They’re still young pups, but they could sense that mommy meant ride-or-die BUSINESS that morning. They got themselves dressed, threw pop tarts in the toaster and filled up water bottles for our breakfast commute. They helped distribute discussion questions while I set up the camera and PowerPoint once we arrived.

They cheered me on from daycare and drew me pictures while I spoke.

These girls were just what I needed this morning. Family is such a gift to help us get through these hard weeks if we ask them to. I’m convinced on crazy mornings like this one more than ever.

The Gift of Fellowship

That morning, I shared what we learned during one of the most trying marriage preparations and our nine-year journey thus far. I encouraged the women, among other things, to speak truth into their spouse’s lies and stop comparing their marriage to that “perfect couple” that doesn’t exist.

As I shared my story, I was so encouraged by the moms that I spoke to. Some were recently married, others empty nesters, and others working through separations or divorces, but all of them shared their stories, their struggles, and encouragement to show we’re not alone.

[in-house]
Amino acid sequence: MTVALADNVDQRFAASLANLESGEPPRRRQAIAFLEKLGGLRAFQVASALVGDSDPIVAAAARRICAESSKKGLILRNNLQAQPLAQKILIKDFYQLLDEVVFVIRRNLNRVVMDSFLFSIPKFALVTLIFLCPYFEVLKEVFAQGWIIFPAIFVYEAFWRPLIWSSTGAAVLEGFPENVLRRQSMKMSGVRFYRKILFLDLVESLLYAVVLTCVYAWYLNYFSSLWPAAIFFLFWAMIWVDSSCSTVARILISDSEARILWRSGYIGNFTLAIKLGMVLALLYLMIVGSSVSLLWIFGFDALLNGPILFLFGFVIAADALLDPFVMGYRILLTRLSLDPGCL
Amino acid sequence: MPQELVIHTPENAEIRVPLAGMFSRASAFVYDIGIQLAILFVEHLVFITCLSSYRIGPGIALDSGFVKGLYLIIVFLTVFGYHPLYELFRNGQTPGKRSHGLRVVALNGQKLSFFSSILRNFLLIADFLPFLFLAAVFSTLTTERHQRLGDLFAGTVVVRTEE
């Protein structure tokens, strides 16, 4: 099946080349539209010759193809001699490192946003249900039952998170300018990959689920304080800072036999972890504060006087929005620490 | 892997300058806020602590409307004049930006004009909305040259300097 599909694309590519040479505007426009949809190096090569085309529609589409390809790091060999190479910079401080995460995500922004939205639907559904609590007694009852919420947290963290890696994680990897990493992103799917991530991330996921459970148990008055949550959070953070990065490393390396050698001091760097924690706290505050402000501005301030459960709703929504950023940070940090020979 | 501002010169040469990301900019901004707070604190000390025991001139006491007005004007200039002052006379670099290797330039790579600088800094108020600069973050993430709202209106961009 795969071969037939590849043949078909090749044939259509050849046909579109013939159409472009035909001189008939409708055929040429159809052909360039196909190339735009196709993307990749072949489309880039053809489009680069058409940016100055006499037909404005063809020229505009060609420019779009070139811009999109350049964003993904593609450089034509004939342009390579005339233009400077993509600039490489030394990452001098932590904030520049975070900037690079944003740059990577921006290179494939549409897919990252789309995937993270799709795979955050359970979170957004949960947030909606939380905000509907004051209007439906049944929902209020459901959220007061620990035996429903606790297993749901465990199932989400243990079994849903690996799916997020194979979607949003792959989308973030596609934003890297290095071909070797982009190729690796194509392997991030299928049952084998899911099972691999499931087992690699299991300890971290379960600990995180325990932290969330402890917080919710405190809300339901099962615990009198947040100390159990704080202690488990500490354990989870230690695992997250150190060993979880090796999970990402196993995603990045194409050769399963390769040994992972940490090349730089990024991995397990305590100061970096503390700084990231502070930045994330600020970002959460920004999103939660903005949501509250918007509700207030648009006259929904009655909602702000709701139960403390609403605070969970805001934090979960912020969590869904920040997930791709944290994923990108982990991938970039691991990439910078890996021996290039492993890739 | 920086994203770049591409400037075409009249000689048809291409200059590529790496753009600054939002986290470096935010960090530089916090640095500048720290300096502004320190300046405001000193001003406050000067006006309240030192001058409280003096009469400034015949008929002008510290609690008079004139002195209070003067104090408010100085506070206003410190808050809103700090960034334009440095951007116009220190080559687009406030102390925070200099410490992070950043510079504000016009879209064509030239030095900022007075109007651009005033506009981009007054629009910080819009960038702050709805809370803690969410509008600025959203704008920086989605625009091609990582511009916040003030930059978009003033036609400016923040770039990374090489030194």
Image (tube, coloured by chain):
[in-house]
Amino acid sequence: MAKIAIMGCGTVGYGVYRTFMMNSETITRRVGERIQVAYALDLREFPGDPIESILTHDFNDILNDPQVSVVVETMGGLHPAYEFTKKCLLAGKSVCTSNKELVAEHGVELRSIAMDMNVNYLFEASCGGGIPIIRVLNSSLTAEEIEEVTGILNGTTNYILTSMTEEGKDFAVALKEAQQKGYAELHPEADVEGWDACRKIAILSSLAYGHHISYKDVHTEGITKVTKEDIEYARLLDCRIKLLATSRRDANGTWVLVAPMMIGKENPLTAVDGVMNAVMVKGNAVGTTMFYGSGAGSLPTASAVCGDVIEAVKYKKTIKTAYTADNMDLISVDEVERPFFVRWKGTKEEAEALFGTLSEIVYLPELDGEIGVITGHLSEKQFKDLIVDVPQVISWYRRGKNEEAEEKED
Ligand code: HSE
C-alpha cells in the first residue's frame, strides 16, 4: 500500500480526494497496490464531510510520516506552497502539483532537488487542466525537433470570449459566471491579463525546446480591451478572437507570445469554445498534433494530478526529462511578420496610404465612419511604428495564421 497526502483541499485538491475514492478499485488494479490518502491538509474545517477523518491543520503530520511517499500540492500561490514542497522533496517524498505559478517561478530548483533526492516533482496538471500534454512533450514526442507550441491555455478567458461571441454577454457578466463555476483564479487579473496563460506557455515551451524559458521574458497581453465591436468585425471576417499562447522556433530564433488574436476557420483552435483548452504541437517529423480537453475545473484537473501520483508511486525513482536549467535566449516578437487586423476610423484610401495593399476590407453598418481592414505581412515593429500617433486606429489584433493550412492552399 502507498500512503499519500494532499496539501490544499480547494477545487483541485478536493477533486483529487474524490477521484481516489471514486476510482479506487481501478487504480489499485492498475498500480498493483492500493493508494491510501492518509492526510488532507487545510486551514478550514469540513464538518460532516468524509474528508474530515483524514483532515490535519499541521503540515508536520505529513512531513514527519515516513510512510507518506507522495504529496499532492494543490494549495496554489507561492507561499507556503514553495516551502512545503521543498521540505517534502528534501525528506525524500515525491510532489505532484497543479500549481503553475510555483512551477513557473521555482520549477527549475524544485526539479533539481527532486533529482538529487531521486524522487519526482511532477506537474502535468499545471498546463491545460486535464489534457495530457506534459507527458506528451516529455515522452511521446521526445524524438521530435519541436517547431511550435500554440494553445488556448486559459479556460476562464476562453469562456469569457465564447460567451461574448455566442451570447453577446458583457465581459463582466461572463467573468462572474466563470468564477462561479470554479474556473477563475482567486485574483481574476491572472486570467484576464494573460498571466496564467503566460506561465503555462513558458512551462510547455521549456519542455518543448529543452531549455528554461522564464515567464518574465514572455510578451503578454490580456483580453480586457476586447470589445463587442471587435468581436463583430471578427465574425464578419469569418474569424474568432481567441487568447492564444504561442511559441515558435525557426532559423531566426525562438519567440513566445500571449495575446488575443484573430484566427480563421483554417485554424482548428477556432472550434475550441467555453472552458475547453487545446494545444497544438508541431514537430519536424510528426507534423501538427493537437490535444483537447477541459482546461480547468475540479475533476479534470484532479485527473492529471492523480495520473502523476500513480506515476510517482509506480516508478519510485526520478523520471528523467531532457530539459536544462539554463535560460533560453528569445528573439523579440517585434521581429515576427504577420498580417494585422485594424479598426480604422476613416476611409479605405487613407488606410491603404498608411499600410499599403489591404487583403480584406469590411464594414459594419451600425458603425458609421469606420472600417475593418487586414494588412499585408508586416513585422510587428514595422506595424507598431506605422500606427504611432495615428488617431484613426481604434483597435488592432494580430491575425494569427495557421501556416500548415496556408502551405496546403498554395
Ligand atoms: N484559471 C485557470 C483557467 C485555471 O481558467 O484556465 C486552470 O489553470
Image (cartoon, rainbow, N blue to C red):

“Just as each of us has one body with many members, and not all members have the same function, so in Christ we who are many are one body, and each member belongs to one another.” – Romans 12:4-5

On that hard week, those women sharing their hearts was such a gift to my tired soul and to all of the amazing women, “to realize I’m not the only one out there going through this,” as one mom put it. Authenticity is one of the best ways to build up the body.

The Gift of Friendship

“Let us always meet each other with a smile. For the smile is the beginning of love.”
-Saint Mother Teresa

During my tiring week, a friend came over after violin lessons one night with flowers and wine. She cooked homemade pizza for me and the girls, plus a few neighbors that were over.

I’m sure she had many other things on her list she could’ve prioritized above cooking for what turned into nine people, but she chose friendship. She chose to be with six screaming littles. And it meant the world.


Other friends texted, commented, or called when I asked for prayers during my emotionally exhausting week. It’s so easy to burrow down into our little self-pity shell when we’re at a hard spot. These weeks reminded me of the utter importance of sharing our pain and asking for prayers; for help. Their thoughts and prayers allowed me the freedom to process and grieve, rather than tuck away the pain, that week.

Just as Mother Teresa taught us, let’s lay down our selfish motives, vanity, and pride and choose to love in little, homemade pizza ways with a smile.

The Gift of Community

Another mom asked me last week if I wanted to take part in a frozen meal exchange to alleviate the dinner hour mayhem. My response? “Umm, YES.”